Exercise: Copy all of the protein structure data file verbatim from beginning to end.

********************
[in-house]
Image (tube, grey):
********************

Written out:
[in-house]
Image (tube, grey):